City schools with federal turnaround grants have mixed results

Some have gotten worse academically; others are slowly making progress

  • One of the first things that Lionel F. Jackson Jr., principal of Augusta Fells Savage Institute of Visual Arts, did was to display student artwork in the hallways and in a dedicated gallery at the school. The high school is one of seven Baltimore City schools undergoing turnaround efforts under the federal School Improvement Grant program.
One of the first things that Lionel F. Jackson Jr., principal… (Kenneth K. Lam, Baltimore…)
April 16, 2012|By Liz Bowie and Erica L. Green, The Baltimore Sun

Once students hurled computers out the windows at Calverton Middle School, but today they are learning on state-of-the-art technology that has flooded into the West Baltimore school. Once teachers couldn't wait to transfer out of a place where students ruled the classrooms, but now faculty turnover has slowed.

Calverton is among seven Baltimore schools benefiting from a $3 billion federal program that is focused on the worst of the nation's schools. And though it is far too early to declare the effort a success — at Calverton or the other city schools — some improvements are clear.

"I feel more safe and I feel like I am learning a lot more. They are starting to have challenges for us," said Jasmine Dukes, a seventh-grader at the newly revamped Friendship Preparatory Academy at Calverton.

The seven Baltimore schools were chosen to receive $25 million over three years in the School Improvement Grant program, with much going to technology and teacher training. In the program's second year, the schools have showed varied results: Some have gotten worse, and others are slowly showing progress.

Because national experts say there is no proven model for turning a school around, the city is using different approaches, from turning schools over to outside operators or charters to firing staff and starting over. Schools don't get fixed quickly, and state and city officials said it will take several years to understand what has worked.

"There is no silver bullet. The work is messy. It is not linear," said Tina McKnight, who has helped to monitor the schools for the Maryland Department of Education.

Overall, though, Maryland educators say they are pleased at the early results. "The success we have been seeing at these schools has not been seen for a long time," said Ann Chafin, an assistant state superintendent, although she acknowledged that "every school is moving at its own pace."

Commodore John Rodgers Elementary has exceeded the expectations, improving by all measures, including test scores. It was taken over by the Living Classrooms Foundation, a Baltimore based nonprofit that already runs Crossroads, one of the city's most successful middle schools.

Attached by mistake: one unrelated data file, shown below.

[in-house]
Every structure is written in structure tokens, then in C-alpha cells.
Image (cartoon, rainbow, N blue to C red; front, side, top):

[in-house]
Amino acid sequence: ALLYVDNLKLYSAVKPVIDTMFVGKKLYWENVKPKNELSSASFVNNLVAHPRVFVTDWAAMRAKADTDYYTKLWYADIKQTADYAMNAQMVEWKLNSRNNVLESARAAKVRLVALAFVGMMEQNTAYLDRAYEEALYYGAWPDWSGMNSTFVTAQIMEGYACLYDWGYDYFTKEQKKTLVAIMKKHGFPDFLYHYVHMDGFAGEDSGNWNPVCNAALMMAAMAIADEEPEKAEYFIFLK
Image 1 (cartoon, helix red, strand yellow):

"We've had great pockets of success," said Maria Navarro, special assistant to the city's chief academic officer.

Under the nonprofit Friendship Public Charter, Calverton has spent more than a million dollars in federal money on mentoring new teachers, new science labs, two new computer labs, a laptop for every teacher and a white board in every classroom.

The climate of the school is far better, according to school system surveys. Attendance is up and truancy down. Test scores in the first year, however, dropped.

The city turned over the reins of five of seven of the SIG schools in 2010 to outside operators, who were as varied as the Johns Hopkins University and Global Partnership Schools, a national for-profit company.

At three of the schools, the first-year results were so disappointing that city school leaders decided to put them in "corrective action" and considered taking operations of one of the schools back. Principal turnover has been high in those schools: Two each had three principals in the first year.

"We haven't seen the improvement that we expected to see in some schools around rigor and culture and in some cases they are really struggling," Navarro said.

Of greatest concern was Garrison Middle School, where nearly every sign — from attendance to test scores — has gotten worse since it was taken over in 2010 by Global Partnership. The attendance rate at a school with 313 students went from 93 percent to 87 percent in 2011 and still worse, the percentage of students who were absent for more than 20 days that school year rose from 18 to 44.

Chafin said the state and city school leaders considered finding a new operator for Garrison, but ended up keeping Global Partnership because it is willing to make changes.

"We have not hesitated to say that this operator in this school isn't working," Chafin said.

Anna Tilton, chief program officer for Global Partnership, said she believes the school is now on the right track.

"I think the biggest issue in Garrison had to do with turning around the environment. You first have to make sure that students feel safe," she said. "That took a lot of time. ... We have a long way to go. This is a school with years of being chronically underperforming."

Global Partnership replaced the two top leaders at the school in August. Test scores had declined the year before in every subject and grade with the exception of sixth-grade math, but Kevin Woolridge, a new leader working for Global Partnership, said there wasn't time to replace any staff or make major changes in his first few weeks, so they have concentrated on teacher training and support.

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